OpenJurist

641 F2d 1295 Sellars v. K Procunier

641 F.2d 1295

John Houston SELLARS, Plaintiff-Appellant,
v.
Raymond K. PROCUNIER et al., Defendant-Appellee.

No. 78-1120.

United States Court of Appeals,
Ninth Circuit.

Argued and Submitted May 15, 1980.
Decided April 9, 1981.

John Houston Sellars, San Diego, Cal., for plaintiff-appellant.

Ramon De La Guardia, Sacramento, Cal., for defendant-appellee.

Appeal from the United States District Court for the Eastern District of California.

Before HUG and ALARCON, Circuit Judges, and BLUMENFELD*, District Judge.

ALARCON, Circuit Judge:

1

Petitioner John Houston Sellars ("Sellars") is an inmate of the California Mens Colony at San Luis Obispo. Respondent Procunier was chairman of the California Adult Authority.1 Petitioner filed this action in district court, alleging that Procunier and other California Adult Authority officials had conspired to deprive him of rights under the first, fifth, sixth, eighth and fourteenth amendments by giving him a parole release date that requires him to serve an excessively long prison sentence. The district court granted summary judgment for the defendants on the ground that parole board members are absolutely immune to suit under the Civil Rights Act (42 U.S.C. § 1983)2 for actions taken when processing parole applications.

2

The question before us is whether parole board members enjoy any immunity from civil rights suits brought against them by prisoners,3 and if so, whether that immunity is absolute or qualified.4FACTS

3

In 1973, petitioner was convicted of arson in Los Angeles County Superior Court. Petitioner's probation report indicates that within a 10-month period petitioner had ignited flammable liquid at the doors of four Los Angeles-area ballet studios. Petitioner's four children had been enrolled as students at the schools and he had apparently grown dissatisfied with the instruction they were receiving.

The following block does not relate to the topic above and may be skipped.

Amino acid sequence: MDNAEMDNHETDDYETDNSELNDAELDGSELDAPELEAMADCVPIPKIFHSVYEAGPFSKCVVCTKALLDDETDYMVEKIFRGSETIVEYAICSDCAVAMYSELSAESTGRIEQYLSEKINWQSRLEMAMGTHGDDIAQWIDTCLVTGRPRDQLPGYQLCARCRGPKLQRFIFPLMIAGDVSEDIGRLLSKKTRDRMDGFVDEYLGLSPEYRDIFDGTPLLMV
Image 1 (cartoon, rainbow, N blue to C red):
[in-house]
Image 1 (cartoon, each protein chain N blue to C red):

4

The sentencing judge characterized petitioner as "a grave danger to the community," and committed him to state prison on November 23, 1973. In 1975, an Adult Authority panel consisting of respondents Brown and Castro fixed petitioner's prison term at 11 years and set a parole date of December 21, 1983.

5

Petitioner then filed the instant suit, alleging that his release date was set in retaliation for his expression of political views and for his having filed habeas corpus and other petitions in various courts.

INTRODUCTION

6

The language of 42 U.S.C. § 1983 is broad and sweeping; "Every person" who, under color of state law or custom, "subjects, or causes to be subjected, any citizen of the United States ... to the deprivation of any rights, privileges, or immunities secured by the Constitution and laws, shall be liable to the party injured ...."5 (emphasis added) "By its terms, § 1983 'creates a species of tort liability that on its face admits of no immunities.' " Owen v. City of Independence, 445 U.S. 622, 634, 100 S.Ct. 1398, 1407, 63 L.Ed.2d 673 (1980), quoting Imbler v. Pachtman, 424 U.S. 409, 417, 96 S.Ct. 984, 988, 47 L.Ed.2d 128 (1976). The congressional debates surrounding the passage of § 1 of the Civil Rights Act of 1871, 17 Stat. 13 the predecessor of § 1983 confirm the broad sweep of the statutory language. See Owen v. City of Independence, 100 S.Ct. at 1408; Pierson v. Ray, 386 U.S. 547, 561-63, 87 S.Ct. 1213, 1221-22, 18 L.Ed.2d 288 (1967) (Douglas, J., dissenting).

7

Despite the statutory language and the absence in the legislative history of any attempt to narrow that language, it is well established that certain classes of public officials enjoy at least some degree of immunity from suits under § 1983. The Supreme Court has utilized two approaches in determining whether a given public official is shielded in any degree from § 1983 liability. In some cases, the Supreme Court has held that some immunities survive § 1983 because at the time of § 1983's passage they were "so firmly rooted in the common law and (were) supported by such strong policy reasons that 'Congress would have specifically so provided had it wished to abolish (them.)' " Owen v. City of Independence, 100 S.Ct. at 1408, citing Pierson v. Ray, 386 U.S. at 555, 87 S.Ct. at 1218.